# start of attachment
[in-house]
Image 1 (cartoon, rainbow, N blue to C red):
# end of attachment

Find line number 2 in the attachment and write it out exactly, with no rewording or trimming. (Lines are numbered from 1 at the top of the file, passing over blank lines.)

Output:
Image 1 (cartoon, rainbow, N blue to C red):